Western Nations Are Climate Hypocrites, Emitting More Carbon in a Week Than Many Countries Do in a Year

So should we complain when others want to rise out of energy poverty?

Three-stone cooking in Africa
Wouldn't burning gas be healthier and greener than this?.

Isa Sora / Getty Images

The world has two energy problems: one for the rich who burn too much and one for the poor who have too little. Euan Ritchie, a policy analyst at the Center for Global Development Europe, put it more bluntly and accused the U.S. and Britain of climate hypocrisy for emitting tons of carbon per capita but complaining about energy projects in countries where most people live in energy poverty.

"Underpinning this discussion should be an acknowledgment that there is vast inequality in energy use, and CO2 emissions, between richer and poorer countries. Just a few days of life in the U.S. produces more emissions than people in many low-income countries produce in the entire year." 
Climate Hypocrisy

Center for Global Development

Ritchie produced a calendar where he demonstrates that an average American emits more carbon by the end of New Year's Day than a person in the Democratic Republic of Congo does in a year. By the 9th day of the year, the American has emitted more than a Kenyan has in a year.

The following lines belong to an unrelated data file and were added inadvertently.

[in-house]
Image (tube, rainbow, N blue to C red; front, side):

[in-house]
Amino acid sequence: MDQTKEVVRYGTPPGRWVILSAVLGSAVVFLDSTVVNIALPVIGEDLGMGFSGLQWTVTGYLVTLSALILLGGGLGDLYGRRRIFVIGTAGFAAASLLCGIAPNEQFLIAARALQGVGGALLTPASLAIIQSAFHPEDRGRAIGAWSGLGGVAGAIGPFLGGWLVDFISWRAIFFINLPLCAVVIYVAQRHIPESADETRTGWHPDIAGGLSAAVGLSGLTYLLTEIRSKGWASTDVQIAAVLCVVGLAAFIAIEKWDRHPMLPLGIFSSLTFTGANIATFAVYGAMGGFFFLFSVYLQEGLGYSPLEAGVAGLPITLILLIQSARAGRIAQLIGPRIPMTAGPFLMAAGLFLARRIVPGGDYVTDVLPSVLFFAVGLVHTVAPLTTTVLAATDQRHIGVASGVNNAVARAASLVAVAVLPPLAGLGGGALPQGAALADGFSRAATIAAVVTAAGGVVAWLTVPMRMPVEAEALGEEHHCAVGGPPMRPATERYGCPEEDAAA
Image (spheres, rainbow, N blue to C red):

Ritchie complains that at the 2021 United Nations Climate Change Conference (COP26), donor countries pledged they would not finance any more fossil fuel development in low-income countries (LICs), even though a few gas pipelines would raise their standard of living and reduce their energy poverty, with a tiny addition to global emissions.

"This hypocrisy has been noticed by several leaders of the Global South. These high-income donor countries could have a greater impact by pledging to eliminate their own fossil fuel use. This would also save a lot more money: these countries collectively spent around $56 billion on subsidising production or consumption of fossil fuels, whereas stopping development finance for fossil fuel projects will reportedly save $19 billion. It may be politically more difficult, but climate action should begin at home."